Development workflows with Fuse Integration Services (FIS)

Fuse Integration Services (FIS) is a great product bringing routing (Apache Camel), SOAP and Rest services (CXF) and messaging (JMS) to the modern age of containers and PaaS and all its goodies: encapsulation, immutability, scalability and self healing. OpenShift provides the PaaS infrastructure to FIS.

A developer may implement a module in isolation on his own machine, but it often makes sense, especially when we talk about integration services, to have the code being validated in a complex integrated environment — something that OpenShift is great at providing.

It is so easy to spawn an environment including frontend, backend and peer services that you may not want to wait for the integration test phase to see how your code performs and to identify where issues may happen. You want to see it right away, during your dev! This blog entry details a couple of workflows with their pros and cons for just doing that.

Project start

FIS provides several maven archetypes so that generating a complete working project, including a selection of modules (CXF, Camel for instance) and an already configured maven pom for generating a Docker-formatted image and pushing it into a registry is as simple as selecting a few items in dropdown lists of your favorite IDE or running a single command:

# mvn archetype:generate \
    -DarchetypeCatalog=https://repo.fusesource.com/nexus/content/
groups/public/archetype-catalog.xml \
    -DarchetypeGroupId=io.fabric8.archetypes \
    -DarchetypeVersion=2.2.0.redhat-079 \
    -DarchetypeArtifactId=java-camel-spring-archetype

When that’s done you already have a project able to build your source code, to create a container and to run it on OpenShift! You can focus on your code.

Fabric8 maven workflow

Let start with the default workflow in FIS. It consists in having maven building the Java artefacts and the container-image locally and then pushing the generated image into the OpenShift registry. This works great and it is as easy as using the “mvn -Pf8-deploy” and the “mvn fabric8:json faric8:apply” commands.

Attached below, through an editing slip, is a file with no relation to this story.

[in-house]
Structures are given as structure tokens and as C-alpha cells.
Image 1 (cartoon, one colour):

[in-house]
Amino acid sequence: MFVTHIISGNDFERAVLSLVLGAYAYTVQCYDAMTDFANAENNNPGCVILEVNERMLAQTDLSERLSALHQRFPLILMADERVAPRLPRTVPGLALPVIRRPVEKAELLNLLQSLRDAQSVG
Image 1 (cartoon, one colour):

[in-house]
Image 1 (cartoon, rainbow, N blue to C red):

This is well explained in the documentation [1].

The advantage of this worflow is that the developer can use the same configuration to build and run the application in a pre-containers world and to have it deployed on OpenShift. That said it has a couple of requirements that may not make it suitable for every developer:

  • The developer will need to have the docker CLI available where the build happens (on his machine or on a server, root access is currently required)
  • The developer will need to have the rights to push into the OpenShift registry (or to an external registry)

These are things that may be restricted in some companies. In the future the maven forkflow may support something called binary build to work around these limitations. We will see what it is and how you can use it today in the following chapters.

Source to Image (S2I) worflow

S2I is a framework provided by OpenShift that makes it easy to create container-images from source code. The build happens directly in OpenShift so that you don’t need to have the docker CLI available locally and to remotely push to the registry.

Per default the S2I process extracts the code from your source repository, spawns a container that builds your source code, generates a container-image for your application and push it into the OpenShift registry. This is a great process, perfect for continuous integration, where you want to have a reproducible way of creating your application images.
Now looking at it from a developer point of view you may want to save a couple of steps in your development workflow and not want to commit into a git repository every change you are trying out. That’s where binary build can help you. We will look at it in the next chapter. Here is first an overview of the S2I workflow and where the time may get spent between the point where you trigger it and the point where your application is running in OpenShift. At first it may be quite disappointing as it takes a long long time but we will look at how this can be addressed.

overview
  1. The code is pulled from a git repository or from the developer machine after having been compressed and copied onto the S2I builder image
  2. The S2I builder image is pulled from the registry into the node, where the build will take place
  3. The maven build takes place, pulling the required dependencies and generating the application artefacts.
  4. A new image is created, based on the FIS S2I image and containing the application artefacts.
  5. The image is pushed into the OpenShift registry
  6. The container gets started on an OpenShift node

On my laptop running everything including OpenShift I get the following figures for the Camel Spring quickstart. You may have different values with dedicated servers but the order should still be similar.

  1. Copying the source code: between 1 and 16 seconds. I will explain the two values later on.
  2. Pulling the S2I image: 15 seconds
  3. Maven build: 25 minutes!
  4. Image build: 16 seconds
  5. Image push: 35 seconds
  6. Container start 7 seconds

Binary build

So we want to use binary build to avoid pushing our change into a git repository. Binary build consists in streaming your source code directly from your computer to the builder container. Nothing complicated and you can use the same build configuration that you use for your CI build.